The Basics of Commercial Loan Syndication | Riverdale Funding

The Basics of Commercial Loan Syndication

Feb 06, 2017

 

There’s no shortage of items commercial hard money brokers should keep track of when it comes to the realm of commercial loans.  Trust us: It’s understandable that the commercial lending details you don’t experience on a daily basis may be a bit fuzzy.  Don’t worry – even for lenders, most commercial mortgages are just itemized on a balance sheet.

What happens when a commercial loan is an outlier because it’s so significantly large?

In this edition of our Broker Talk series, we’ll be diving into loan syndication.  Loan syndication is an out-of-the-ordinary process, which means many borrowers and even commercial lenders lack a comprehensive understanding of how it works.

Let’s get the ball rolling.

 

What is Commercial Loan Syndication?

The best way to understand loan syndication is to understand how syndicated loans differ from traditional commercial loans.

Traditional commercial loans or credit lines are provided by a sole lender.  In a typical example, a small business or larger company would be borrowing from a single lender to fund a project, expansion, renovation, or another large expense.

Syndicated loans are offered by a group of lenders, or a “syndicate,” which collectively provide funds for a borrower.  The nature of the loan can vary – it could be a credit line, a fixed amount of funds, or a combination of the two.  The sole factor that makes it a syndicated loan rather than a traditional commercial loan is that a group of lenders are providing the funds together.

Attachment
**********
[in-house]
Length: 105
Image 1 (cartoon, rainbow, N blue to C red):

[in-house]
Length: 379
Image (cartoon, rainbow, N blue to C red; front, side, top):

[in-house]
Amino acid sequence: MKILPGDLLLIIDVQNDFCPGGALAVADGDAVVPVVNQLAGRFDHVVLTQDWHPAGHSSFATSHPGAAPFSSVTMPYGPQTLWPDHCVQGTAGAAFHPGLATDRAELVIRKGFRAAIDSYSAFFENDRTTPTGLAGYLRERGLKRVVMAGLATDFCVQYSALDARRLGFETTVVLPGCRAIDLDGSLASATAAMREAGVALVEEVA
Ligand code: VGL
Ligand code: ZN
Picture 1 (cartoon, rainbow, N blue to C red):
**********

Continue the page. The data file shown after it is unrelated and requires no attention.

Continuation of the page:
Why Syndication a Loan?

Generally, loan syndication occurs on a corporate level to fund capital projects such as buyouts or mergers, which often require huge amounts of capital, far more than a company can cover through asset-based lending.  The majority of lenders aren’t even capable of lending many millions or billions of dollars, or if they are, they are unlikely to take on the high level of associated risk.

For example, on June 6, 2016, Tencent Holdings Ltd., the largest internet company in Asia, increased the size of a syndicated loan to $4.4 billion in anticipation of various company acquisitions.  A year prior, in 2015, Charter Communications made headlines as 2015’s largest loan-funded syndication with its Time Warner Cable merger – the amount was $13.8 billion.

At these levels, it’s much clearer to see how important loan syndication is for spreading out default risk across various lenders.  If a syndicate of lenders collectively fund the loan, they can still take on sizable chunks but with manageable credit exposure.

 

Who Comprises a Loan Syndicate?

Primarily, lenders are banks, such as Bank of America Merrill Lynch, JPMorgan Chase & Co., Wells Fargo, and Citibank.  Sizable international banks such as Credit Suisse, Bank of China, and Australia & New Zealand Banking Group also play roles in loan syndication.  However, funds are also frequently provided by institutional investors, including hedge funds or pension funds.

One of the syndicate’s lenders will typically take on the role of the lead bank or underwriter of the loan.  This institution is referred to as the arranger, the agent, or lead lender, and may perform administrative duties and disperse cash flow, or provide a higher proportion of the loan amount.

 

Loan Syndication in Action

There you have it – all the basics of loan syndication.  It’s an uncommon process, and understandably different from most commercial loans or commercial mortgages.  When the next major corporate acquisition or expansion makes the headlines, think about the immense capital it took to accomplish that feat.  It may not be the company’s funds, after all, and it may not be capital borrowed from a single bank.  Rather, there might just be a team of commercial lenders working and making headlines together.